Alice Munro is so beloved by short story writers – so canonized, admired, studied, sanctified – that it’s easy to forget what a deeply strange writer she can be. Friend of My Youth – the book, and the title story – came out as I was graduating from my MFA program. It was probably the first Munro story that I read over and over, trying to see how it was constructed. It begins in dreams – the narrator dreaming of her mother, now dead, alive and healthy – and then follows her mother to her youth, and then to a farm where she boarded as a young school teacher. Time, as is often is the case in Alice Munro stories, is a series of trap doors. The very ending is so strange, and yet so breathtaking, that I will leave it there for you to discover. There are stories that I love that are easily explicable, but the stories on my list for A Personal Anthology aren’t. Perhaps I wanted to make things hard for myself. Perhaps I only want you to read them. Here’s a mystery; please don’t solve it.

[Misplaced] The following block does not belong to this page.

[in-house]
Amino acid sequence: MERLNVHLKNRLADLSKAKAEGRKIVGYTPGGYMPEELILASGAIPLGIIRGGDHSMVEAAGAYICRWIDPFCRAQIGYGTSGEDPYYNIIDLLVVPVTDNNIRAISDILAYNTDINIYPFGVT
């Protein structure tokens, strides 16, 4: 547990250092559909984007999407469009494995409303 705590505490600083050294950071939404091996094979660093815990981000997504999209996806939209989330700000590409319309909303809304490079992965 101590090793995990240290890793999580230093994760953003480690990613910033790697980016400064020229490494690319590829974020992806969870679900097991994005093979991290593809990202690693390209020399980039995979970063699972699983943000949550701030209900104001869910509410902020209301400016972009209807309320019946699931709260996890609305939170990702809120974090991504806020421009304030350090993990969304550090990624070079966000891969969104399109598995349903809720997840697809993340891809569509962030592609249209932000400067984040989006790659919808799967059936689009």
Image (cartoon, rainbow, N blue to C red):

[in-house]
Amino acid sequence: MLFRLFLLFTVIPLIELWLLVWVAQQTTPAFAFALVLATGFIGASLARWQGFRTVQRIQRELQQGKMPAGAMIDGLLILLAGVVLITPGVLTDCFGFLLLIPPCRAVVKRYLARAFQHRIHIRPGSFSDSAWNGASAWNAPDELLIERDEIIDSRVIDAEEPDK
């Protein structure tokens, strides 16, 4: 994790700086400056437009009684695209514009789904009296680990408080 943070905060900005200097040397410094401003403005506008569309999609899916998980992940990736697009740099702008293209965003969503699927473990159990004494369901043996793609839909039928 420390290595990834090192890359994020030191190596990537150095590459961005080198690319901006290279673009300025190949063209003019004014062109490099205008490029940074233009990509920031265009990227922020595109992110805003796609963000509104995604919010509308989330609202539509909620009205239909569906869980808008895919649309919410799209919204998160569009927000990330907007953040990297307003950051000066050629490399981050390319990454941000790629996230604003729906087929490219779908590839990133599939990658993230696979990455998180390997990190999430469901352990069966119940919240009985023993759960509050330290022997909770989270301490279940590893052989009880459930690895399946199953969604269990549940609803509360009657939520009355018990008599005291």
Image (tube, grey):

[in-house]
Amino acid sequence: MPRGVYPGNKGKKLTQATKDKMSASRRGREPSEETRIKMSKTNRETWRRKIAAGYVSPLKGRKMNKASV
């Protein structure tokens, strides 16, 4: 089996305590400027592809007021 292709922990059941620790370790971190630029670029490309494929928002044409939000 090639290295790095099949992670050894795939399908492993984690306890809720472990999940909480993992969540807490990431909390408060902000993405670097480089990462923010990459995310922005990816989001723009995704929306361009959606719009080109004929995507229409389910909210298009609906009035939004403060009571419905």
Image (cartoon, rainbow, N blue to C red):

First published in The New Yorker January 14, 1990; collected in Friend of My Youth, Knopf/Vintage, 1990, and Selected Stories, 1997